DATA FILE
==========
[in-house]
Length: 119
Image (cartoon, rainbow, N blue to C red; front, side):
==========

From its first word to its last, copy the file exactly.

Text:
[in-house]
Length: 119
Image (cartoon, rainbow, N blue to C red; front, side):